Saturday morning had been tough on the #61 BMW 130i of the Czech K&K Racing team: a broken driveshaft before 6am, then a big crash at 9am with the low-line Sakar had caused heavy damage to both cars. In practice it had been clear that the Sakar was difficult to see from most other cars… Finally engine problems caused the BMW to stop at midday, but the team persevered and the car struggled round for a final few laps at the end.
So after 24 hours, 1 minute 24.668 seconds the #66 Imsa Performance 997 GT3 RSR took the checkered flag, having pretty much controlled the whole race.
Second and third places followed each other across the line, albeit a couple of laps apart on the chart. The BMWs provided worthy competition to the Imsa car, even though they were never really able to match the speed of the Porsche.
The remaining cars then streamed over the line. It's another typical sight in enduros, when cars are often separated by many laps and at the end group together behind the leader to save having to complete more laps. One more lap could just mean that problem you've been battling wins out and you fail to finish.
In the silhouette SP1 class the Hungarian Bovi Silver Sting won, finishing a creditable 13th overall. The two Solution F Touring Cups finished some way back, #171 second in class and 40 laps back.
Whatever it takes, however it looks, crossing the line is the important thing. The #74 SUNRED Leon led a 1-2 in the A3T petrol turbo class ahead of its sister Supercopa in 20th and 21st positions overall – a great result against the GT cars.
At the end of such a long race, there's always a great outpouring of emotion. Drivers, team members, press, fans – everyone is caught up in enormity of completing the event. 24 hours is very long time. Even coming second in class is worth celebrating, as the driver of the #90 Clio shows. Next to him is the A4 class-winning Z4 of Team Black Falcon. The Black Falcon M3 #111 also won its class.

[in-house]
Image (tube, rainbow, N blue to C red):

Lukas Motorsport managed a great result with their GT3 Cup, finishing fifth overall just behind the Land team in a similar Porsche.
Almost 60 cars made it across the line: a very good result for an around-the-clock race, especially one with so many teams that are not full-time. Team Need For Speed fought back to seventh at the flag, a good result.
The top three cars were lined up underneath the podium, awaiting the winning crews.
The lead drivers for each car turned up on camels! A traditional Arabic band played them in as they got down by their cars, where they were then presented with traditional hunting falcons.
Finally joining their co-drivers on the podium, the crews could look back at a hard-fought 24 hours. If they compete once, teams seem to return to this race, and each year it gets more quality entries. It'll be interesting to see how it looks in 2011: whether the surrounding building sites are completed and the track's dream of hosting a Formula One race happens. Me, I'll be happy seeing another great 24 hour race like this one. But I'm looking forward to some sleep before then. We'll have more behind-the-scenes Speedhunting from Dubai later this week.